The world is convinced that a political rival of the Russian president was deliberately poisoned by the state, which Moscow vehemently denies.
Could the plethora of accusations be premature when there are other actors eager to see the new Cold War between Russia and the West turn into a big freeze?
There is no doubt that Alexei Navalny was targeted; his anguished moans during a flight from Siberia to Moscow were chilling. The plane was redirected to the city of Omsk where the stricken man was placed in an induced coma.
Doctors, who say they found no trace of poison in his system, initially refused to allow their patient to be flown to Berlin for treatment in accordance with his family’s wishes on the grounds he was too ill to travel but they later relented. His condition is said to be “stable and improving”.
Fingers within Europe and Nato are pointing in one direction. German Chancellor Angela Merkel is said to be furious. She wants answers. German laboratories are unequivocal.
Navalny was poisoned by an advanced Soviet Union nerve agent known as Novichok. Brilliant investigating when the nerve agent was manufactured to be undetectable. Russia is demanding proof.
Demise of euro Nord Stream
At stake could be the demise of the multi-billion euro Nord Stream pipeline project allowing the import of Russian gas that has been condemned by President Donald Trump and certain EU member states.
Here it is worth mentioning that while Novichok is closely associated with Russia, this weapon has also been produced by various NATO countries.
It is easy to jump to conclusions but when Novichok is considered one of the most toxic chemical compounds in existence capable of killing a subject between 30 seconds and two minutes, it seems that Navalny was extremely lucky to have survived for hours before he received medical help.
There are antidotes, among them atropine, but given that the hospital in Omsk did not detect any poison one can assume that antidotes were not administered.
Secondly just how deadly is this substance when most of those allegedly poisoned survive and in the case of the former Russian spy Sergei Skripal and his daughter Yulia, who collapsed while out and about in the English town of Salisbury, thrive?
Since, they have disappeared or been disappeared so the truth remains a mystery. I must admit that I did not buy the British government’s line. There were too many anomalies. The use of a Soviet era nerve agent was one. That might as well have been a calling card announcing Putin was here.
Soviet nerve agent
The official version was the pair came into contact with the agent when Sergei Skripal held the doorknob while leaving their home yet they somehow managed to have lunch and stroll around before ill effects set in.
They were said to have survived purely by chance because medical staff had the advantage of being assisted by scientists from Porton Down, a nearby secretive chemical weapons research facility.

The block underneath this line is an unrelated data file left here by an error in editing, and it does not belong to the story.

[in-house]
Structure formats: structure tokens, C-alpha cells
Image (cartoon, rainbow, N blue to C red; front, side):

Then there was the question of motive. The spy was held in a Russian prison for four years before he was swapped. If the state wanted him dead, the deed could have been done then with no questions asked.
The same goes for the poisoning of Alexei Navalny. Moscow could have blocked or greatly delayed Navalny’s transportation out of the country if it were felt there was something to hide or, whoever was the would-be assassin could have been allowed to finish the job.
Seriously, is Novichok the only toxic substance available in the arsenal of the FSB or a rogue entity? There are others such as the globally available VX and Sarin that from Moscow’s perspective are far less incriminating.
Moreover, if the objective was murder it was a failure. Novichok failed to end the lives of the Skripals and that of Alexei Navalny.
Once again the truth is elusive. Merkel could be right in her wish to punish Putin and it may be that Russia deserves to be sanctioned by the EU. However in my view something doesn’t smell right.
Hostility towards Russia in Western democracies is increasing. Russia is blamed for once again interfering in America’s upcoming ballot and for allegedly placing a bounty on the heads of US troops in Afghanistan.
Trump’s half-hearted attempts to bring Moscow back to the international fold and to solidify an improved US-Russian relationship have met with heavy opposition from lawmakers.
Britain’s attitude towards Moscow is positively antagonistic, the enmity is stark and unapologetic.
Russia can do no right. Even its success at producing and distributing the world’s first COVID-19 vaccine is being undermined by the Western media’s talking heads.
Propaganda runs both ways and, in this age, when truth is barely distinguishable from lies, we would all be wise to keep an open mind.
In the meantime, we can but hope for Navalny’s full recovery and look forward to the perpetrators whoever they are being made to answer for their crimes.
Linda S. Heard is an award-winning British specialist writer on Middle East affairs. She welcomes feedback and can be contacted by email at firstname.lastname@example.org.